Nature lovers find ancient giants
THE ancient rainforests and streams of the Kenilworth area are deservedly popular with campers and day trippers.
Gympie and District Field Naturalists' Club recently visited the area with its wide range of natural history experiences.
Interesting and unusual birds, plant, reptile and fungi species were observed.
At the first stop between Imbil and Brooloo the noise from the resident bell miner colony fast became irritating, with their continual slightly off key high-pitched contact call Bell Miners use to stay in touch with their flock.
A melomys bush rat was observed high up in the forest canopy, very much at home, moving from twig to twig at the top of the trees.
A cat bird was heard giving the familiar 'miaow' call.
A gigantic strangler fig growing on the bank of a small stream was also a highlight, while the rare and poisonous tiger snake was photographed.
Two others were in the area. While poisonous, tiger snakes are not normally aggressive and all specimens moved off the track.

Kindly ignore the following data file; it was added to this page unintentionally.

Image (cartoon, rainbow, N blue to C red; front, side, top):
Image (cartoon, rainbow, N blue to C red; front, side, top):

Land mullet are not renowned for their speed or agility and one large specimen - about 450mm nose to tail - chose to just remain on the track rather than be bothered moving.
Charlie Moorland Park is about 5km upstream along the Yabba and was the next stop.
Because of the recent wet weather many parts of the forest were still very damp and this provided ideal conditions for many species of fungi.
One of the most spectacular was the Stinkhorn, Phallus rubicundis.
The plant uses carrion and blow flies to spread its spores.
Flies are attracted by the smell of rotting meat.
A lunch time general meeting discussed participation in the Gympie Regional Gallery's 14th birthday celebrations on March 3.
The field trip on March 18 will be to Ian and Janet McConachie's property at Wolvi.
Speaker at the March 20 meeting at the Gallery will be Brian Lazell on snakes.
Contact Peter and Bevly Hughes 5484 0198 or Bruce and Joy Drummond 5482 1171.